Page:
Nearly five decades after his Woodstock debut, Carlos Santana and his band, Santana, paid homage to the motherland on Africa Speaks by enlisting African musicians, and the Spanish siren, Buika. Sonically, the cross-cultural album champions against Afro-erasure in a period where Latinx music habitually exults white-passing artists.
This trilingual effort balances liner notes from Algerian singer Rachid Taha, buoyant Afrobeat from Jay U Experience, and the funk contributions of Easy Kabaka Brown.
With a mostly Spanish-language tracklist, Africa Speaks debuted at No. 3 on the Billboard 200 and simultaneously crowned the Top Latin Albums chart. Rick Rubin produced sessions of its live instrumentation in his renowned recording studio, Shangri-La, in Malibu, California.
Carlos Santana's spoken word opening on the title track affirms a universal truth that shapes the record: "All and everything was conceived here in Africa. The cradle of civilization."
And if his electric guitar breaks are the lifeline of the genre-bending record, the lush texture of Buika's voice is its most freeing element. Intertwining intricate riffs by way of her mother's tribe's native tongue, Buika's Bube hymns balance well throughout Africa Speaks on songs like "Los Invisibles" and "Oye Este Mi Canto." With each compelling poetic leading into the next, arias such as "Batonga" and "Paraísos Quemados" echo the retro feels waxed on Santana's '70s hit, "Black Magic Woman." The mellow Laura Mvula-assisted, "Blue Skies," brings forth dazzling jazz harmonies and English sonnets.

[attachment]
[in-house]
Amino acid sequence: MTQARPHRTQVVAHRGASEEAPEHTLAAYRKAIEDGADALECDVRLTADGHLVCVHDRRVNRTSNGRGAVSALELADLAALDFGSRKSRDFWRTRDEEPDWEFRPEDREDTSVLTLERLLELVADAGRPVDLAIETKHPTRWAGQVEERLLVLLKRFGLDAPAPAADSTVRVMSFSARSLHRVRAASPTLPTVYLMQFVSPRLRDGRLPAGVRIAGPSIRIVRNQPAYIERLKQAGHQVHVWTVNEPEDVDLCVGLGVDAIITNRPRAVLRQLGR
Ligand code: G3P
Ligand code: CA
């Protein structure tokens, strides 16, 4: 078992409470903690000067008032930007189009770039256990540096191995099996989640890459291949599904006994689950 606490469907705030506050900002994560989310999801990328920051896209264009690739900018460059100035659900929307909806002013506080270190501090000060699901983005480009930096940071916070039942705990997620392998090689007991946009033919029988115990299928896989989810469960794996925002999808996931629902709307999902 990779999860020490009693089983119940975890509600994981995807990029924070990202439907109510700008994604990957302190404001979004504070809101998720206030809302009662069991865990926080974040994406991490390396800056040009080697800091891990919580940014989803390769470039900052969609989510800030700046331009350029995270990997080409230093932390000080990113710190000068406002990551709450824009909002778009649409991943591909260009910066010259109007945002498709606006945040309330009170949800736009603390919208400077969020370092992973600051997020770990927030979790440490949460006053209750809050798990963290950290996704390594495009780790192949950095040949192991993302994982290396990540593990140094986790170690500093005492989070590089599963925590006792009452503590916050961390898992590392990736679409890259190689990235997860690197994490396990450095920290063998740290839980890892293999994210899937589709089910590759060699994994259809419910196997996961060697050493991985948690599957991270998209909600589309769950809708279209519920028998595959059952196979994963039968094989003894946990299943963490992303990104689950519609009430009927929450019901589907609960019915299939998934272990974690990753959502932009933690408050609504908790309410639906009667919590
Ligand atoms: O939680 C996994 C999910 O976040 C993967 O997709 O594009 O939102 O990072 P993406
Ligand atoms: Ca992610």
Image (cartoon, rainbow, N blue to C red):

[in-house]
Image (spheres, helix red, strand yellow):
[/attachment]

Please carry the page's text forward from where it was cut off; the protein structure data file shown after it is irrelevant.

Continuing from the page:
To songs that, on average, exceed five minutes in length — the Mexican-American legend led his 25th LP with sophisticated indigenous musicality. Santana notably recorded 49 songs in 10 days. Selecting the tracks which encompassed the frontrunner's life's work was a task fitted for the gifted.
Its lyrical content punctuates remnants of betrayal, triumph, and the passion required to endure on tunes, "Bembele," and "Candomble Cumbele." Over the 11-track release and its Target exclusive extended play — Africa Speaks powerfully fuses rock, flamenco, Afro-Caribbean tradition, and garnered iconic co-signs.
"Luna Hechicera," a love song-turned-nightmare, was notably propped by the Senegalese-Nigerian bandleader Ismaël Lô. The composition, in its entirety, was both co-written and vocalized by Buika, marking the Latin Grammy Award-winning songstress' first time performing rock music.
This newfound energy was deemed as "magical from the beginning," by Rubin on the album's VEVO visual titled, "A Conversation with Rick Rubin – Africa Speaks." The body of work's depth is limitless, and its grooves were not shaped to be radio-friendly — but instead build-out to embody half a century of Santana's musical prominence. - B.A.